My Perspective by Gary Damron, Liberal
Some years ago, I heard a minister speak at a Martin Luther King Day celebration. He reminded students at an urban community college that the person commemorated was “The Reverend Mr. King.” He repeated it again, emphasizing “The Reverend”. Last week we referred to one of King’s sermons delivered in Chicago August 27, 1967. Less than eight months later he would be assassinated.
The words spoken by King live on, and a printed transcript of the speech I have comes complete with responses from the congregation. In black churches, even the sermon is participatory. King himself explained that he was foremost a preacher. “This was my first calling and it still remains my greatest commitment.” He went on to state that he saw civil rights leadership as an extension of ministry, and that he had no ambitions politically or otherwise beyond preaching the gospel.
Martin Luther King had a keen awareness that Christians needn’t wait for immortality for conditions to improve. “It’s … all right to talk about the new Jerusalem. But one day we must begin to talk about the new Chicago, the new Atlanta, the new New York, the new America.” Nearly 50 years later, have conditions in those places improved?
This week I attended a conference sponsored by the American Historical Association, with one session featuring a panel discussion on civil rights. To be honest, I hadn’t realized where the focus on civil rights has turned, and how King has been added to the list of charismatic leaders, such as Thomas Jefferson, and Abraham Lincoln, who are now being downplayed by historians.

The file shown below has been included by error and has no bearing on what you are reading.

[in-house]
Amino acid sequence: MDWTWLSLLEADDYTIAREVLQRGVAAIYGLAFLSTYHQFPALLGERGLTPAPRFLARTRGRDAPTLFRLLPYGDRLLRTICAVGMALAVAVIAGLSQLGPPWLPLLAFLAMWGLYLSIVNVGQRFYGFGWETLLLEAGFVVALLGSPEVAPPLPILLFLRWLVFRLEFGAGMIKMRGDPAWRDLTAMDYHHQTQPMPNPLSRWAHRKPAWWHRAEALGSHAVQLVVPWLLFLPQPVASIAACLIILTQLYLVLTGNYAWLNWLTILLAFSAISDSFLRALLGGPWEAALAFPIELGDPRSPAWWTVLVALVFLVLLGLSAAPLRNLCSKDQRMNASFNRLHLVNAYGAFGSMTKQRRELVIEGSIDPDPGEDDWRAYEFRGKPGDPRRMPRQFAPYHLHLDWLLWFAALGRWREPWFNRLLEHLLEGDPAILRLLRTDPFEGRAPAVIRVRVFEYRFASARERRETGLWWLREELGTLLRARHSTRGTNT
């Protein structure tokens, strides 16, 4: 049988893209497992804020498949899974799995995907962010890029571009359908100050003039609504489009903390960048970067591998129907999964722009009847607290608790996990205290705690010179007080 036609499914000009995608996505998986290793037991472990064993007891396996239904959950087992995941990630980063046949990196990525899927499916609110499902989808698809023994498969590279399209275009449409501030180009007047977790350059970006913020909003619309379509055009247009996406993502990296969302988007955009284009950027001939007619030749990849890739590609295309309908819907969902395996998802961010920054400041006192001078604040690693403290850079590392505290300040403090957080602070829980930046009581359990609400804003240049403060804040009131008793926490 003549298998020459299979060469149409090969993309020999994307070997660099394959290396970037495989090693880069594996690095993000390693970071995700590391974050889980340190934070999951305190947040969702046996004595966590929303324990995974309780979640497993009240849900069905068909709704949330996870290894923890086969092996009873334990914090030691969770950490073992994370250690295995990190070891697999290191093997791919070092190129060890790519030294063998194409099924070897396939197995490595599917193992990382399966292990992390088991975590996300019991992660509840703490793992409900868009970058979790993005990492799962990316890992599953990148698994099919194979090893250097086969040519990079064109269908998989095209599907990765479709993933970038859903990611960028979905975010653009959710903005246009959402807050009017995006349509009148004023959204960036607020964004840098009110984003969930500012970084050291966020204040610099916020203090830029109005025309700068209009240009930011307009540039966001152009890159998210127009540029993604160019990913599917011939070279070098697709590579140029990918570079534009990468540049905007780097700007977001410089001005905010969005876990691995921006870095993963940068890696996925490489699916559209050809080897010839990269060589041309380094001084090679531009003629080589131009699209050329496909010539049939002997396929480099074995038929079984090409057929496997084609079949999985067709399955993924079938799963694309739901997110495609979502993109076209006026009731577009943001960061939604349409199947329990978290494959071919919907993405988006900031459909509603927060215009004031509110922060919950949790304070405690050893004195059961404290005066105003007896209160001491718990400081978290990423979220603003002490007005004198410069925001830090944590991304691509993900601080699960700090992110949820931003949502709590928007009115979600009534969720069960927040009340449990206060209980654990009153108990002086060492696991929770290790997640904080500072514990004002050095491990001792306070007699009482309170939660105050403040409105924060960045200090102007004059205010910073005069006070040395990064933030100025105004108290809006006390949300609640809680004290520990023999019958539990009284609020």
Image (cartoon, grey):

The new approach was supported by one speaker when she stated that the civil rights effort was a grassroots movement, and that Rosa Parks came first and the boycotts started before King ever showed up in Montgomery. The thing that bothered me most was the idea that King’s non-violence approach wasn’t totally effective. Another panelist claimed that in fact the reason the protesters could be non-violent was because there were others standing by willing to inflict violence, or to protect them. To me the violence done to protesters - without any evidence of this violent protective group intervening - calls his statement into question.
In King’s most famous speech he referred to a “dream”, but many people don’t know what that dream consisted of. He spoke often of Jefferson and Lincoln and their concepts of brotherhood, freedom, and justice. He dreamed of safety for his children, and of character that would be evident and recognized regardless of the color of a person’s skin.
He spoke encouragement to those who’d followed him but had encountered great obstacles. “Continue to work with the faith that unearned suffering is redemptive,” he urged.
Current violence has increased tensions and caused people to be fearful. Conditions are undoubtedly different than they were then, but King’s words are contemporary. “We must forever conduct our struggle on the high plane of dignity and discipline. We must not allow our creative protest to degenerate into physical violence. Again and again, we must rise to the majestic heights of meeting physical force with soul force.”
Pastors, protesters, political leaders are not perfect. Each must realize we’re dependent on God who is perfect and supreme. The answer for which The Reverend Mr. King searched was a turning to truth, embodied in the Christ he served. Nonviolence to King might have been a method of bringing about a dream, but it was also actually an integral part of his dream.